Now, however, in these troubled times, some residents are facing hunger, cold, the inability to feed family members or afford transport to and from work or shopping. And this is a proud community where admitting vulnerability or poverty is difficult. It is also a caring community where people tend to look out for one another. But there is, and will be for some time to come, a need for public bodies to help those, often those in work, with the provision of food, energy, and services they find themselves unable to afford.
Charitable organisations are already delivering this kind of help, and they do it in ways that endeavour to be accessible, open and stigma-free. Lunch clubs, free transport and the like are readily valuable. And there is more charities and other organisations could do. Could the Shetland Charitable Trust, which administers the isle’s oil compensation funds, reinstate the annual pensioners’ Christmas bonus, which was once paid automatically to all residents over pensionable age? Should the Shetland Community Benefit Fund, which administers compensation from the isles’ industrial windfarms, change its position on paying out only to organisations and find a way of supporting individual and families in need? Our local community development group, NCDC, spent some of the profits it gains from the hugely successful Polycrub on a ‘bonus’ last year for all Northmavine residents as a post-lockdown measure.
What about the practicalities? Because although this is a caring and close society, that brings problems with confidentiality. Are there essentially invisible ways for public bodies to help, without the risk of stigma, blame, gossip and bullying, particularly of children?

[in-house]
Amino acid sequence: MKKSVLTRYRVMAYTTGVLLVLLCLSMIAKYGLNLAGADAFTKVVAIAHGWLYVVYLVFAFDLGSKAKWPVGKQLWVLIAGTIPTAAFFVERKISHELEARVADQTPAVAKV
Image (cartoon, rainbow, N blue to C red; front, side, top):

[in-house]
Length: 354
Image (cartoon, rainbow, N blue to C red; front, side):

Pre-pay electricity cards can already be subsidised using fuel vouchers. Could account cards for local shops be issued to all local residents, with those in particular need able to access additional discounts? Or maybe there should simply be temporary grants or discounts for all pensioners and all families with children under, 16? Child benefit obviously continues to exist, with clawback in tax from those with higher incomes, but I’m talking about extra measures to deal with the crisis we’re facing now.
I heard of a church in Edinburgh that simply put out baskets of food and essential goods along its wall every morning, for anyone to help themselves to. Sure, some abused the system. But not many. Maybe we have to be indiscriminate in our generosity.
I’m not in the habit these days of quoting the Bible, but I’ve always liked some of Jesus’ visual jokes. And you can imagine the Lee-Evans-like physical contortions that accompanied this vignette from the Sermon on the Mount (Matthew chapter six; this is in the King James Version, the only translation worth memorising):
Therefore when thou doest thine alms, do not sound a trumpet before thee, as the hypocrites do in the synagogues and in the streets, that they may have glory of men. Verily I say unto you, They have their reward. But when thou doest alms, let not thy left hand know what thy right hand doeth. That thine alms may be in secret…
It was 90 years ago…protests against the Means Test Act in 1932. the other cartoons are from the 1930s, courtesy of the University of Kent’s British Cartoon Archive.